Blind Astrophysicist Discovers Way to Listen to Stars
As a person who regularly gazes up into the darkness of night, musing over the millions of tiny, bright stars that flicker in the sky, losing my eyesight would easily be one of the most tragic things to happen to me.
A Puerto Rican astrophysicist named Wanda Diaz Merced grew up dreaming about traveling to the stars. She wanted to become an astronaut, and frequently told her family she was going to transform her sister’s bed into a spaceship.
But, Wanda’s dreams would be cut short unexpectedly.
Wanda studied astrophysics as a student in her early 20s. She suffered from an illness for quite sometime that would eventually take her eyesight from her. No longer could Wanda look up and gaze at the stars she had held so precious to her. And no longer could she study the data that those stars gave her.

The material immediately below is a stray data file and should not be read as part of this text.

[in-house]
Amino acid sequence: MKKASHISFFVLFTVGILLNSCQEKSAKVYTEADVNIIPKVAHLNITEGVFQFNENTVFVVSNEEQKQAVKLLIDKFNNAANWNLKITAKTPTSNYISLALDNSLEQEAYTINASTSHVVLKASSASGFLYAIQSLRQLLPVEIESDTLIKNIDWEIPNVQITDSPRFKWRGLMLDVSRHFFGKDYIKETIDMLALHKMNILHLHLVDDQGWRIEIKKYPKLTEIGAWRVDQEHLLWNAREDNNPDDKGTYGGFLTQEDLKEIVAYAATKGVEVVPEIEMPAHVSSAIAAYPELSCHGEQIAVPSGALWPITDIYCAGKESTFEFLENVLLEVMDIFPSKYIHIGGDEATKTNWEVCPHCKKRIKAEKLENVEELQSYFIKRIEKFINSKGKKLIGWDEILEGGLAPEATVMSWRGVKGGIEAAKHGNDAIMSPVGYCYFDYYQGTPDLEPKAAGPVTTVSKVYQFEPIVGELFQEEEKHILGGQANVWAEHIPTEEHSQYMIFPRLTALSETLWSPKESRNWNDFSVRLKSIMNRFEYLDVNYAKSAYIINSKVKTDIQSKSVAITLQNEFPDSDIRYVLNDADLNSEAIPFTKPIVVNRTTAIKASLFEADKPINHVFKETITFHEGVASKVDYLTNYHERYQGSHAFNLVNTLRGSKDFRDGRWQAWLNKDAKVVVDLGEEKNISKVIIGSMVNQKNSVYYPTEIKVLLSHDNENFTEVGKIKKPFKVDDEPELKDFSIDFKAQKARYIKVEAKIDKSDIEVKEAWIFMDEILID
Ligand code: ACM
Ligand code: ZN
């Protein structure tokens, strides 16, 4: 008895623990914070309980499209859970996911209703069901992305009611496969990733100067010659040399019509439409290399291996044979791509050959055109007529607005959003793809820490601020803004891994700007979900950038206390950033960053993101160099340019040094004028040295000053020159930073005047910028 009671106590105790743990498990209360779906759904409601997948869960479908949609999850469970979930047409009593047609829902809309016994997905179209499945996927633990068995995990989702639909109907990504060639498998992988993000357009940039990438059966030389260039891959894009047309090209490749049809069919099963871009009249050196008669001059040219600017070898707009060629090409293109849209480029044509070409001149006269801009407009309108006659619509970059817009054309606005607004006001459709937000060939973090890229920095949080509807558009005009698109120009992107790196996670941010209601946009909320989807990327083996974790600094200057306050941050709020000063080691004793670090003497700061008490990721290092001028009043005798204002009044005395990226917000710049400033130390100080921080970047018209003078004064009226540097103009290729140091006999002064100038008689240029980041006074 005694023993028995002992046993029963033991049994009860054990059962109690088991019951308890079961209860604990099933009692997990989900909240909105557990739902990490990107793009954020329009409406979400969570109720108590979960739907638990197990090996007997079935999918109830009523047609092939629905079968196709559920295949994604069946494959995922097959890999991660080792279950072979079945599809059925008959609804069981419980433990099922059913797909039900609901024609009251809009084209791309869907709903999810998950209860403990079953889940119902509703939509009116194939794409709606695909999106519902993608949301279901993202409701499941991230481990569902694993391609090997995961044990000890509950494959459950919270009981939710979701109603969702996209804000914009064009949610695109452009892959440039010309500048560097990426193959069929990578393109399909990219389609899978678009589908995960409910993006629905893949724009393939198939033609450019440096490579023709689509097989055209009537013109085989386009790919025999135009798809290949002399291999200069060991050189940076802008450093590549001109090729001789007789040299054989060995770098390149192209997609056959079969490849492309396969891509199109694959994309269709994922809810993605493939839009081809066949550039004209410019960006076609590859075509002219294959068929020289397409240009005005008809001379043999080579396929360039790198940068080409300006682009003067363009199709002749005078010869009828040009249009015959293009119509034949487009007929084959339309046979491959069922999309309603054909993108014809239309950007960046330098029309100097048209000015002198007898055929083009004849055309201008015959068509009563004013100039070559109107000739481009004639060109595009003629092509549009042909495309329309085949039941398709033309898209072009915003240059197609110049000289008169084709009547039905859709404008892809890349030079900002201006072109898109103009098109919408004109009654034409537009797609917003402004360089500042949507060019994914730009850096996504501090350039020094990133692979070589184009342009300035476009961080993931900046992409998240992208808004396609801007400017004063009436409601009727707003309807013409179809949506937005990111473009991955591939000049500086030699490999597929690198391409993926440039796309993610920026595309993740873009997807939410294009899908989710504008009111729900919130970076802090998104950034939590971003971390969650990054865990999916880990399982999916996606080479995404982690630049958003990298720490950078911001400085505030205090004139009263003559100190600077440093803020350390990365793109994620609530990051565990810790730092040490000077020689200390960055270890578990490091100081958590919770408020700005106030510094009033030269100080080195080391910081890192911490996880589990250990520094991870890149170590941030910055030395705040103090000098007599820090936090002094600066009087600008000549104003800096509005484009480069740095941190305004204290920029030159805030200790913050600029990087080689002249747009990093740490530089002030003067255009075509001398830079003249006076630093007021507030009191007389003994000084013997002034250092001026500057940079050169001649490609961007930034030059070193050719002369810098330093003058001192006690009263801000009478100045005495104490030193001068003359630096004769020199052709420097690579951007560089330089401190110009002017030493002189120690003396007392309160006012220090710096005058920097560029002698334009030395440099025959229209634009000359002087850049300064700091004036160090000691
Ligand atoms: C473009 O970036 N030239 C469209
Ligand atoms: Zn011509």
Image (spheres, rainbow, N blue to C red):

So, what better way to turn tragedy into opportunity than by figuring out a creative way to overcome the gap between her lack of vision and her need to study data. Wanda decided to find a way to translate batches of data, from supernovae and solar flares, into sound bytes.
Wanda now listens to the stars as they speak to her, a unique method that not only assists disabled scientists, but also opens up an entirely new realm of discovery. Using the numbers gained from supernovae and solar flares, Wanda listens closely as pitches go either up or down to represent different levels of intensity.
Currently a postdoctoral fellow at the South African Astronomical Observatory in Cape Town, Wanda makes the argument that hearing sets of data can help scientists recognize different patterns and phenomena that the human eye could pass over.
“The eye… is really limited, and we are only depending on our eyes right now,” she said in an interview.
“When we synchronize our different ways of perceiving the world, our sensitivity to events that are masked to the eye… increases exponentially.”
Something that is still quite emotional for Wanda is the Milky Way. She remembers its beautifully dusty path, arcing through the black Puerto Rican sky. Now, she only listens to it.
“When I hear that, I just feel like dancing or starting to clap.”